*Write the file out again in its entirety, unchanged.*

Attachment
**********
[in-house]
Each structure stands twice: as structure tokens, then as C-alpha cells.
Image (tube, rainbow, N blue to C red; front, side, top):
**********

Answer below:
[in-house]
Each structure stands twice: as structure tokens, then as C-alpha cells.
Image (tube, rainbow, N blue to C red; front, side, top):